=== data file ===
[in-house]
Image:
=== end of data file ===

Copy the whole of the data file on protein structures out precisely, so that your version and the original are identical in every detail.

[in-house]
Image: